Record of Site Condition – Useful Tool or Expensive, Time Consuming Procedure?

 In Environmental Law

A great deal of discussion has and will continue to take place over the utility of obtaining a Record of Site Condition (“RSC”) for lands that have been contaminated and remediated or contaminated and not remediated but with a risk assessment based RSC.

The historical background of this remedy is very old and unwritten. It was always the case that if a contaminated property was remediated to a point that the Ministry of the Environment (“MOE”) was satisfied with, they would not usually make any further orders against the property. Essentially, this regime has carried forward to the present and is being formalized in the current RSC as envisioned by Ontario Regulation 153/04.

What is it?

A Record of Site Condition is a document issued by the Ministry of the Environment after a lengthy application and review process by the landowner with or without remediation to generic standards or a higher contamination based risk assessment methodology.  A risk assessment is published on the MOE’s registry and provides a notice to the world at large that the MOE is content with the present condition of the site and will not issue any further remediation orders against it. This protection inures to the benefit of the present owner and any successor owners. For this reason, financiers and land purchasers have come to adopt and accept an RSC as a reasonable compromise where a clean up to generic criteria is feasible but required substantial remediation technology to achieve.

The Procedure

Unless a landowner possesses an up-to-date Phase One Environmental Site Assessment on the property which is O.Reg.153/04 compliant, a new Phase One Environmental Site Assessment must be obtained.  Additionally, a Phase Two Environmental Site Assessment must be obtained for the property, following which a lengthy application needs to be filed with the MOE. Following the filing of the application, the MOE responds with more or less vigor, eventually issuing the RSC which becomes available to the owner, purchaser and mortgagees.

Landowners looking to avail themselves of the RSC provisions should realize that the procedure takes anywhere between 12 and 24 months and in some cases twice that, depending upon the complexity of the individual land situation and the need for continuing negotiation with the MOE with respect to any remediation required. Costs for obtaining an RSC can be substantial and when coupled with the time required to obtain them, makes the use of these mechanisms less favourable than they otherwise would be.

One thing is for certain and that is that there is a great deal of uncertainty amongst the landowning public, lenders and purchasers with respect to the usefulness of and feasibility of an RSC. An RSC will not prevent an adjoining landowner from suing the holder of an RSC site approved for off-site contamination migration and all associated costs. While RSC’s are difficult to obtain where there is off-site migration of contaminants, anyone looking into buying a property with an RSC needs to be very careful that the conditions on that site are not or never were of a situation where migration of contaminants occurred. Lawsuits against former owners and present owners for such off-site migration are an unfortunate incident that happen on a more or less regular basis.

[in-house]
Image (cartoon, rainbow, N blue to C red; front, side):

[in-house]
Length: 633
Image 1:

Coupled with the uncertainty of time and costs involved is the fact that in the process of obtaining an RSC, the MOE may insist on a Certificate of Property Use being issued for the property in question, particularly where the contamination remaining onsite is such that certain uses would not be appropriate. The problem one encounters with a Certificate of Property Use is that they are registered on the title to the property and prohibit any type of development activity set out in the Certificate of Property Use. This obviously can severely limit the ability to develop any particular piece of land.

The difficulties highlighted above are somewhat exacerbated in considering the range of purchasers and lenders dealing with contaminated sites at any given time. Suffice to say that there is a considerable lack of unanimity as to the usefulness of and acceptability of an RSC. Where an RSC is being obtained for the purpose of a sale or financing, great care needs to be taken to ensure that the terms will be acceptable to the lender/purchaser, including what the acceptable parameters of an RSC would be.

While it is easy to be pessimistic about the usefulness and effects an RSC can have, the fact remains that in some cases remediating a property at all or to generic standards is simply not possible. The prevailing mood often is that an RSC will provide some level of comfort at least as far as the MOE is concerned which is an enhancement over simply doing nothing. Municipalities and other relevant bodies often require that RSC’s be obtained as a condition of developing land in their area of influence.

This blog post was written by Michael Hebert, a member of the Environmental Law team.  Michael can be reached at 613-369-0360 or at michael.hebert@mannlawyers.com.

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